The Space Age and a New Age for Health Care: The Technology of Saving Lives (Op-Ed)
Astronaut Leroy Chiao performs an ultrasound examination of the eye on cosmonaut Salizhan Sharipov aboard the International Space Station. NASA helped turn the station's ultrasound machine into an all-purpose diagnostic imager with a direct line to doctors on Earth. The technology could help diagnose sick people in isolated communities around the world.
Credit: NASA

Mackenzie Thompson manages marketing and mission fulfillment initiatives with the Disque Foundation and the Save a Life Initiative, which help communities learn lifesaving techniques like CPR — a valuable skill to have both on Earth and in space. Thompson contributed this article to's Expert Voices: Op-Ed & Insights.

If you want to touch a product of the Space Age, reach for your pocket or purse. Take out your smartphone or tablet, whose features are some of the many inventions created by NASA. Touch the screen of your mobile device, in which tools such as GPS, weather reports, live video transmissions, internet connectivity and images of the Earth are the result of a network of low-orbiting satellites. 

None of these things would be possible — and few, if any, would be affordable — without the nation's space program. Indeed, before these things became part of everyday life, they were the stuff of science fiction — props used by astronauts in "2001: A Space Odyssey," among other films, to depict a future of revolutionary (albeit mostly large) computers and consumer electronics. [NASA's Top 10 Innovations (Countdown)]

The revolution is alive and well in the real world, thanks to the efforts of designers and programmers. They not only seek to make the theoretical practical but also see that abstract discoveries are applicable to solving challenges for millions of people worldwide. They understand that the applications we use are the very reason we own these handheld devices in the first place. They know what everyone should know and appreciate: that we cannot revolutionize our world if we do not encourage others to explore the many worlds (and wonders) of space.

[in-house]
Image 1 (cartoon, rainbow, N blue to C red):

This rule also governs positive changes in health care. I write these words from experience, given my involvement with an app like MediCode, which makes it easy for physicians, paramedics and nurses to save lives. The algorithm responsible for this tool is proof of the power of science, technology, engineering and mathematics. It confirms that how we communicate is, in large part, a product of space-based communications systems — that what astronauts do in the heavens relates to what first responders do on the ground.

To readers, I say: Let us ensure the longevity of the space program by making sure we do a better job of educating the public about the value of the products and services we value most, many of which would not exist without NASA and those bold enough to explore space. Let us invest in knowledge, period, so we do not have to repeatedly defend what should be obvious to all: that we must give space to space, so to speak. We must provide the means for scientists, researchers and astronauts to launch and manage missions to space.

The lives we save from an app apply directly to the lifeblood of the space program. The two are inseparable, as they should be, because what happens in space leads to advances here on Earth. From their worth as issues of pure science to their potential to improve medical science, the Space Age is the precursor to a new age of health care.

The evidence of that assertion rests with your ability to tap, touch or swipe the screen of the device at your disposal.

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